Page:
Evidently, removing scary scary violent video games from arcades is a trend now. So reports the Associated Press which, quite typically, can't be bothered to name any of the video games involved.
The AP brings up the news from earlier in the month when Massachusetts yanked some light gun games from arcades in rest stops it owns on the Massachusetts Turnpike, after a family complained they were inappropriate. Now, a guy in Yonkers, N.Y. complained to a private company—the owner of a global movie theater chain—and got action. Two removals. This constitutes a trend.
I'll tell you what is a trend, as I've seen it throughout the five years I've worked for this publication and reported on this type of story: The refusal of newspapers, newsmagazines, local television and television network reports—the "mainstream media"—to give the titles of objectionable games in the issues they're reporting on. It may seem a petty thing but it's actually important.
If this was a story about a school board banning books, you can be sure they'd name which ones. If a library was removing violent films from its collection, I think the reporter would ask for the titles. It's important to know if a library is removing, say, Commando as opposed to Platoon, or Song of the South as opposed to Cinderella isn't it? Doesn't that help the reader justify the reasonableness, or lack thereof, of the decision?
But video games, no one can be bothered to tell us which ones. Apparently that's not relevant to those writing and editing these stories. Bullshit. It's a form of symbolic annihilation and it reflects a mainstream assumption that the entire medium is irredeemable, and its guilt is justifiably collective. It means that every video game is violent, or that "shooting video game" tells you all you need to know, because a game that has a name is now a game that can be distinguished from others, or have its actual relevance to gaming culture described.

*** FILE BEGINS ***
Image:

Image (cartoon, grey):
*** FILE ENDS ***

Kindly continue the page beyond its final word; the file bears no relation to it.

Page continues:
Instead, we have what are likely a bunch of early-2000s light gun games that no one plays anymore standing as authoritative representatives of video gaming's content and cultural reach.
That's not to say games are never named. When they are, it's typically to prop up some assumption about why some suspect or malefactor was playing it. Call of Duty is frequently named in this regard. World of Warcraft got prime billing because it helped portray Anders Behring Breivik as a game-addicted loner (which he likely was). But when it's a game that actually isn't tied to a crime or a person, more a social problem, good luck getting its title in a report. (There are exceptions; The Boston Globe went so far as to name Time Crisis as one of the cabinets pulled from the turnpike stops, but there were unidentified others removed.)
This is how you get to the point where Adam Lanza is assumed by lawmakers, think tanks and civic leaders to be game-addicted or corrupted by Call of Duty. That's what's driving the current conversation, where the president and vice president are calling for federal research into the effect of violent video games on kids, as a response to a mass shooting incident. This connection is made through one statement and one statement only: a quote attributed to a plumber who had done work in the Lanza home.
The only title named by one of Lanza's friends, who actually knew him? Dynasty Warriors. This scary scary violent video game story becomes a lot harder to sell to the general public when the title involved isn't the global bestselling military shooter phenomenon, but a Japanese-made beat-em-up. Indeed, this friend said Lanza was "a big fan of Japanese culture," and also collected Pokémon cards.
The Express, the UK tabloid who talked to the plumber, did its damndest to make Dynasty Warriors the culprit, calling it a "shockingly violent fantasy war game." But no one's repeating that slur, because Dynasty Warriors is a) not that and b) not as identifiable or as reducible to stereotype as Call of Duty. See? That's why names are important. It helps readers verify the accusations made against them and the credibility of those making them. (As a commenter below this reminds, the NRA named names in its deranged news conference. But one of them was Kindergarten Killer, a 10-year-old flash game, badly damaging the claim and painting it as unreasonable scapegoating.)
So, please, reporters, take the time to get the goddamn names of the games. Get all of them. Get them every time. A credible report will have them. A credible statement will give them. If the spokesperson for the movie theater company or the department of transportation doesn't know them, that tells you the real story: that political figures and big business are motivated not so much by propriety and decorum in the spaces they control, but fear of bad PR. And that's an older and more credible trend than this nonsense.
Arcade video shooting games pulled after massacres [The Associated Press via KOMO-TV.]